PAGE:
And it’s bad. Not only for myself, because that had led me to being self-contained and easily envious, but because I always pressured myself to exceed their already set-in-stone expectations. Which isn’t necessarily a good thing always.
But now, I’ve been seeking light and praying and reading the Bible, which is necessarily a good thing. It’s made me better. It’s like I’ve found a new thing to pursue, and it cleanses me every now and then.
I’m not saying I’m all kinds of perfect—that I’ll never revert to that. I still have my scars, and they’re not fading quickly too. What I’m saying is, I have a lighter weight on my shoulder, and it’s not dragging me too down.
I’m happier this way—how I don’t see myself measuring up to others. Yes, I may be lesser in every aspect that matters—and who cares? Picking up the piece in a speech I made, the most important thing is me, and me today.
And maybe, just maybe, this way, I’ll be happier.
Stay nerdy x
Don’t count your calories, count your blessings.
My insanely witty Mom regarding my habit of calorie counting, bringing a twist to the old adage we all know and love ❤
5 Books on Writing That Every Writer Should Read
To be a better writer, there are really only things that you need to do: Read, and write. But that doesn’t mean that you can’t read about being a writer, and that having a well-rounded understanding of how writing “works” isn’t beneficial.
These 5 books were all assigned to me as a creative writing undergrad, and all have pieces of wisdom in them that have etched themselves so thoroughly into my consciousness that I feel like they’re all floating over my head while I’m writing.
While there are loads of other great books on writing, I specifically chose these because they aren’t all just saying “here’s how I write, you should do it too”—the topics of these books are very diverse!
- Reading Like A Writer by Francine Prose: Like I said, the best thing you can do to be a better writer is read. But what does that mean? What should you read? Francine Prose (yes, that is her real last name, if you can even believe it!) helps you answer those questions, and shows how looking for certain things while you read and reread can strengthen your own writing. Check it!
- On Writing by Stephen King: This is the one book on my list that is saying “here’s how I write, you should too”. But Stephen King is basically the most prolific writer ever, so I was happy to listen to his advice. Two points of his really stuck with me: 1. Adverbs are lazy and 2. Sometimes the best thing you can do for a story is put it down for a long time—like, 6 months or a year—and come back to it with eyes so fresh that it’s like you’re editing someone else’s story. I’d be interested to know what points of his sticks with you guys!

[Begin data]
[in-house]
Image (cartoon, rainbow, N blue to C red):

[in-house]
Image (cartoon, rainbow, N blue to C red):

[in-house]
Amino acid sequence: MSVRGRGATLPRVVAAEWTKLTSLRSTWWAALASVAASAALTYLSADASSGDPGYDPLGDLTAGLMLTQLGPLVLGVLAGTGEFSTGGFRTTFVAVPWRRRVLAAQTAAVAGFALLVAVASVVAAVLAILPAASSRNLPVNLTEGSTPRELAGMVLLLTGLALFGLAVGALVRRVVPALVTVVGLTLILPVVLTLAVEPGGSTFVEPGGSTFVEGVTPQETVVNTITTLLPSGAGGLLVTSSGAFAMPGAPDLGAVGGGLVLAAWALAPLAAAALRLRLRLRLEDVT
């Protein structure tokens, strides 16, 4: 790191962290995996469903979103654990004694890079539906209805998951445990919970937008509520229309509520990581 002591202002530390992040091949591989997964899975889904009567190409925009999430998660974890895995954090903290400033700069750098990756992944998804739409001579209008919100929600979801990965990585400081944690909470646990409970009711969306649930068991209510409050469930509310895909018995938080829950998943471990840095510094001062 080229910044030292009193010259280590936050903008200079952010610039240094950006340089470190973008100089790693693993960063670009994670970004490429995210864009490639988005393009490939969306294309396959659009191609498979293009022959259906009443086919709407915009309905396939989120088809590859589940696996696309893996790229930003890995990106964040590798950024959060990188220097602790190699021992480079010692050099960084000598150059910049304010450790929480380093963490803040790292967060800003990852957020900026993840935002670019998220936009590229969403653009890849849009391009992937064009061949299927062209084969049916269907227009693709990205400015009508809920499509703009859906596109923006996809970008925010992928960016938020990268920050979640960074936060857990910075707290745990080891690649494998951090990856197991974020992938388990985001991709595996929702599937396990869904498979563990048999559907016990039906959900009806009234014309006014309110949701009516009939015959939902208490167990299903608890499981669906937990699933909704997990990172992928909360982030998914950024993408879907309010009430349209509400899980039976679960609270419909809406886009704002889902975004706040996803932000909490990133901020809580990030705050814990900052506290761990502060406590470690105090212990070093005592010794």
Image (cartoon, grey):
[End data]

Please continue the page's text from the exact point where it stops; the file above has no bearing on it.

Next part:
- Bird by Bird by Anne Lamott: I posted about this the other day, but this book is like my writing Bible. In fact, a friend of mine who doesn’t even write got to reading it, and he loved it, too. Basically if you’re a human with a goal, this book will help you. And Anne Lamott writes kinda like this wise, kind mother who isn’t afraid to also tell you what’s up. Whereas a lot of other books on writing are about the actual storytelling, I like this book because it’s more about the writer’s “lifestyle”. Go get it now so that we can gush together!
- The Philosophy of Composition by Edgar Allan Poe: This is actually just an essay, but considering that Poe is often credited with being the inventor of the modern short story, I had to include it on this list. It’s in this essay that Poe famously defined a short story as one that can be told in one sitting. Whereas King’s On Writing is really “zoomed in” on topics like word choice, this essay is a high level, theoretical piece on what a story actually is. You can get it for 99 cents on Kindle, or, even better, read it as part of a collection of all of his stories… ugh, they’re SO good!!!
- Elements of Style by Strunk & White: I cannot tell you how often I’ve received this little book as a gift—for high school graduation, for college graduation, and for many Christmases and birthdays. But it’s all good because it is kinda essential for a writer to have. Elements of Style is all about—gasp!—grammar. (I should probably give it a read-through again so that I can re-center and remember my grammatical skillz, actually!) Also, there are some cute versions out now that make it seem less snore-fest-y—I really want this illustrated copy!
If you read any of these books and post quotes from them on your Tumblr, tag them #yeahwritingbooks and I’ll reblog you!
Can’t wait to pick up these books. Will come in handy for writers-to-be like me! ❤
Maybe I am a horrible person. Maybe I don’t deserve the good things.
Maybe you hate me
Look cool while riding a bike!
I’d love to pay someone in kind if they taught me how to ride a bike ❤
We can deny it as much as we want, because sooner or later, we’ll wonder why we gave up.
Why did we ever give up on us?
I’ve been in love with this song ever since it was released, and even after it was included in the COB soundtrack. It also helps that Nathan sang this with Ariana, and well, the story spun is kinda similar to mine.
Almost is never, ever enough.
Visit fitspoholic.tumblr.com to learn more about fitness and motivation. It even has a fitness apparel store. Go check it out!
Love you! thanks for the shout out!